But a week before the race, my cough got worse. I was coughing while teaching. My students, colleagues and supervisors gave me fruits, cookies, throat coats, messages and even a movie ticket to help me recover.

Two days before the race, some of my colleagues advised me not to run. I knew they were concerned about my health. My boss, Ma’am Maricar, told me to go if I felt well enough but to observe my body carefully so that I would know when to stop.

On the day of the race, I knew I was not physically prepared for the run. I considered exchanging my kit for a shorter distance. Fred, a veteran runner, wanted to run the 21K but had not made the cut. If we traded slots, it would be a win-win for both of us.

Fred texted me a few hours before the race and asked me where we could meet. I knew my coaches would be disappointed if I gave up my slot. So ready or not, I made up my mind that I would finish the half marathon. I might not be well prepared physically, but I was ready emotionally and spiritually. I kept praying for God’s help.

At the starting line, I felt like a turtle surrounded not just by rabbits but cheetahs.

When the race began, Sir Ron and I started with a slow walk while everyone else sprinted ahead of us. We were both not feeling well so we just enjoyed the sights of Makati and shared stories about life and teaching.

At the 8K mark, I began to have cramps. We stopped by a medic station and a Pasig City barangay councilor gave me a free reflexology and a nurse gave two Salonpas plasters.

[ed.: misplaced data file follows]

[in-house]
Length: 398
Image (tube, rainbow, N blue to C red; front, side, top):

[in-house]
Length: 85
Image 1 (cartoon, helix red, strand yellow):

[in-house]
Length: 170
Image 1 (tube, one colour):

When Kuya Irone texted to say he had already crossed the finish line, I had mixed feelings. I was elated by his success but felt pain in my calves, shins and hamstrings. We stopped at another medic station and ointment was applied on my legs to relieve the pain.

With 5 km left, my muscles ached even more and the cramps returned. At a banana station, the medical team placed an ice compress on my legs.

At the 20-km marker, a muscular, blonde lady cheered and clapped for us. “Go, guys. You can do it!” she urged us. Then more and more people were cheering for us. They were complete strangers, but their support truly helped.

With only 500 meters left, Sir Ron told me that we should sprint to the finish line. I thought I couldn’t do it, but I trusted God and my angels to help me. Miraculously, all the aches and pain were gone and I was able to sprint to the finish line!

Kuya Irone asked me how it felt to finish my first half-marathon. I said I was truly delighted and I thanked them for motivating me. My parents and brother who ran the 5K congratulated me. My mom adored the 21K medal I got for finishing the race. But my real victory was not finishing the race but facing my fears.

After the race, I went to Mass and gave thanks to God. I sang the closing song like it was my victory song:  “Glory and praise to our God/ who alone gives light to our days./ Many are the blessings He bears/ to those who trust in His ways.”

It was one of my favorite songs when I was a member of our grade school parish choir and I imagined God cleansing my bloody face. There are no more tears and no more fears. I am now a stronger person because I trust in God’s ways.

Mara Melanie D. Perez, 25, teaches at the Ateneo de Manila University.

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TAGS: education, Fears, youth